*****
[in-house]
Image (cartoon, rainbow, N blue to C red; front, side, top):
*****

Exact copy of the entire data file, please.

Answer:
[in-house]
Image (cartoon, rainbow, N blue to C red; front, side, top):